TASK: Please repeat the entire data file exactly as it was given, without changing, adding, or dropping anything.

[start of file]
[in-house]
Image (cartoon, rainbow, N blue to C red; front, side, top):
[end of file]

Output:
[in-house]
Image (cartoon, rainbow, N blue to C red; front, side, top):